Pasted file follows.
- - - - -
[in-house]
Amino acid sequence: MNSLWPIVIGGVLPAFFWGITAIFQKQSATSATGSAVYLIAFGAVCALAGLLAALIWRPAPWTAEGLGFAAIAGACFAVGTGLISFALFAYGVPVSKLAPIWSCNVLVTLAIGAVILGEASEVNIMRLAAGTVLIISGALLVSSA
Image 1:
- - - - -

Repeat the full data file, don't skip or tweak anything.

[in-house]
Amino acid sequence: MNSLWPIVIGGVLPAFFWGITAIFQKQSATSATGSAVYLIAFGAVCALAGLLAALIWRPAPWTAEGLGFAAIAGACFAVGTGLISFALFAYGVPVSKLAPIWSCNVLVTLAIGAVILGEASEVNIMRLAAGTVLIISGALLVSSA
Image 1: